One of the first things that occurred to me when I first started leafing through Eric Gagnon’s excellent VIA Rail book “Trackside With VIA” is just how much great data he has provided inside. This is easily the largest collection of consist information I’ve ever had the chance to look through. What’s even better is that those consists are backed up with dates, train numbers and directions. This evening I started copying those consists into a little database to start playing around with them.
Years ago I had been curious about designing a layout inspired by the British “terminus to fiddle yard” approach. I wanted it to be passenger operations focused and thought I’d add in that it should be Canadian. My first thoughts were to set it in a late-eighties or early-nineties GO or STCUM/AMT scenario and I keep coming back to that. In fact though I settled on VIA thanks to a neat picture taken in one of VIA’s coach yards. I looked at the picture and the trains inside and thought about how many different operations one could model and represent and the idea sort of took place there. I tried researching this subject and learned a lot but not quite enough – that was until I picked up Eric’s book. I was thinking about that idea again today and thought I’d start copying in the car and engine numbers provided into the book.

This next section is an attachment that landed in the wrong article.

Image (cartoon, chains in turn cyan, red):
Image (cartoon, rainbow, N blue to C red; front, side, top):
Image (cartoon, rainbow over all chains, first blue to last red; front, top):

I’m hoping that as I start to key in these trains, locomotives, cars, dates and directions some trends will start to appear. On the surface I’d expect to see some trends in train design and composition. A little deeper into the data I’m interested in seeing if any trends regarding turnaround time for individual cars starts to appear. For example: How long does a car stay at rest at it’s terminal station? For instance, if a coach arrived on an eastbound train how long until we could see it leave on the next train out?” I don’t know enough about VIA operations to know if cars stayed within a region or not. I’m trying to apply what I know about larger operations. Given the data’s perspective in Eastern Canada cars noted in the book terminate in Montreal. If a car moves to Montreal in the data and doesn’t re-appear for some time did it just sit in Montreal or did it head further east on a train to the Maritimes, Quebec City or northern Quebec?
I’ve always considered the golden age of Canadian railroading to be during the nineteen-seventies and it’s great that Eric divided his book accordingly. I’ll be using the data from his 1976-1981 section to play around with. I had a little time to start working on this and so far I’ve captured the period July 7, 1975 to June 19, 1976. I brought in all the data he’s provided and a field for:
- Car or locomotive number
- Reporting marks (some of the entries show CN or CP power)
- Location where provided
- Train number
I hope this will provide some decent flexibility with the data and I’ve already given in to temptation to see if anything interesting starts to emerge. I’ll start a new post for what I’ve seen in a few minutes.
My apologies too. I linked to that picture on Railpictures.net in this post. I love the treasure trove of photos shared on that website but I hate the pop-ups.